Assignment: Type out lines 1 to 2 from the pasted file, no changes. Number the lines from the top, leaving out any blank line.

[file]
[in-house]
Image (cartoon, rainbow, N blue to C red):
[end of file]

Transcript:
[in-house]
Image (cartoon, rainbow, N blue to C red):